Effect of Soaking on Wet-milling of Rice
ABSTRACT Soaking is an essential step in wet-milling of rice flour. The effects of soaking duration and temperature (5 and 25 °C) on the properties of rice flour have been investigated. The uptake of water by rice kernels increased with temperature and reached a plateau at about 30–35%. Protein, lipid, and ash leached out during soaking. The moisture content after soaking appeared to be a key factor on loosening the structure of rice kernels, which resulted in the production of small particle flours with little starch damage. The particle size of flours did not alter the gelatinisation temperature (Toand Tp) in DSC thermograms. Small particle and low lipid content flours appeared to have high peak viscosity measured by RVA. The change in microstructure of rice kernels during soaking was also examined by SEM.
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ABSTRACT: Properties of rice flours prepared from milled and broken rice produced by pre-washing and subsequent drying process were investigated. Compared to untreated ordinary milled rice, pre-washing process slightly increased lightness of rice flour, while decreased yellowness. Both WAI and WSI were higher in the flour from pre-washed rice, and gel consistency was the highest in the flour from pre-washed broken rice. Pre-washed rice showed increased amylograph peak viscosity and reduced setback values. On the other hand, pre-washed broken rice showed decreased peak viscosity and increased setback values. Differential scanning calorimetry (DSC) results showed that the pre-washing process reduced gelatinization onset- and peak temperatures, with increased gelatinization enthalpy. Total bacteria and yeast count were lower in the pre washed rice, suggesting the pre-washing process could partially eliminate microbial contamination of ordinary milled rice. ? ?돀遠?? ??? ??? ? ?돐 ??? ??? ??? ? ?댐 샷?? 죶?? ??? ? ?덐 ??? †Journal of the Korean Society of Food Science and Nutrition 01/2005; 34(7).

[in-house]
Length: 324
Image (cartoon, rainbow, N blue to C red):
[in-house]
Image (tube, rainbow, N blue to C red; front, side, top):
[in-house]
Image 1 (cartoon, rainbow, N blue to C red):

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ABSTRACT: This study investigated the physicochemical characteristics of wet-milled rice flour treated with pectinase and cellulase in a steeping process. Enzyme treatments were used as follows: pectinase 0.05%, cellulase 0.05%, and mixed enzyme treatments 0.05~0.2%. For particle distribution, rice flour E-treated with mixed enzymes (pectinase 0.05% and cellulase 0.05%) was the finest at 48.3% particle distribution less than . Protein contents and damaged starch were reduced by enzyme treatments. Damaged starch was the lowest (12.1%) in rice flour E compared with non-enzyme treatment (18.1%). Amylose content, water binding capacity, solubility, and swelling power all increased upon enzyme treatments, and their effects increased upon mixed enzyme treatment. For gelatinization characteristics of RVA, peak viscosity, final viscosity, breakdown, and total setback viscosity increased in rice flours treated with mixed enzymes. Especially, in steeping method with mixed enzyme treatment, pectinase 0.05% and cellulase 0.05% treatment was suitable for minimizing damaged starch and high fine particle distribution of rice flours compared with single enzyme treatment.Journal of the Korean Society of Food Science and Nutrition 01/2011; 40(9).
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ABSTRACT: Proper roasting is crucial to flavor, color, and texture development in the final product. In recent years, several research studies have been carried out to establish the best optimum roasting conditions for some common edible nuts such as; hazelnut, peanut, and pistachio nut. Although roasting is an important process for nuts and oilseeds, there is little or no information on the development of color, aroma, and textural changes in Terminalia catappa nuts during roasting.Chemistry Central Journal 01/2014; 8(1):55. · 1.31 Impact Factor